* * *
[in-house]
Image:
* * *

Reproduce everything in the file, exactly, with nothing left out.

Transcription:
[in-house]
Image: